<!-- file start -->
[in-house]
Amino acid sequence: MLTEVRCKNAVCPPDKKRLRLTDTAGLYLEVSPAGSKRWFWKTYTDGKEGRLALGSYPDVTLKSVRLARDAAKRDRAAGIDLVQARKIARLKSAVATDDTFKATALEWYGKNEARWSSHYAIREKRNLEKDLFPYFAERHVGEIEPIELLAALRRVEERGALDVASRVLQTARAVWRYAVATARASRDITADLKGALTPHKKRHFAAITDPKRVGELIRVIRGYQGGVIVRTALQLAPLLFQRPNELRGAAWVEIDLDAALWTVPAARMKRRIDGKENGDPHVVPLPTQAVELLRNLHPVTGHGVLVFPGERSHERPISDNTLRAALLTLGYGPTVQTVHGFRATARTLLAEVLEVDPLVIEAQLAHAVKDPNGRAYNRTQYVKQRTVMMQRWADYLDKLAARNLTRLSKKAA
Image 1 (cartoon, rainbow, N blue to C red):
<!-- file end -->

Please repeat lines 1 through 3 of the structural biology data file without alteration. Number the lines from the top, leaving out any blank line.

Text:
[in-house]
Amino acid sequence: MLTEVRCKNAVCPPDKKRLRLTDTAGLYLEVSPAGSKRWFWKTYTDGKEGRLALGSYPDVTLKSVRLARDAAKRDRAAGIDLVQARKIARLKSAVATDDTFKATALEWYGKNEARWSSHYAIREKRNLEKDLFPYFAERHVGEIEPIELLAALRRVEERGALDVASRVLQTARAVWRYAVATARASRDITADLKGALTPHKKRHFAAITDPKRVGELIRVIRGYQGGVIVRTALQLAPLLFQRPNELRGAAWVEIDLDAALWTVPAARMKRRIDGKENGDPHVVPLPTQAVELLRNLHPVTGHGVLVFPGERSHERPISDNTLRAALLTLGYGPTVQTVHGFRATARTLLAEVLEVDPLVIEAQLAHAVKDPNGRAYNRTQYVKQRTVMMQRWADYLDKLAARNLTRLSKKAA
Image 1 (cartoon, rainbow, N blue to C red):